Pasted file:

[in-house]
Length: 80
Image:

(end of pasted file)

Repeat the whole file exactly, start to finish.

[in-house]
Length: 80
Image: